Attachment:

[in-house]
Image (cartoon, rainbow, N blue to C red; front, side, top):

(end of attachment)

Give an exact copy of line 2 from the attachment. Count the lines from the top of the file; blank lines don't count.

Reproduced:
Image (cartoon, rainbow, N blue to C red; front, side, top):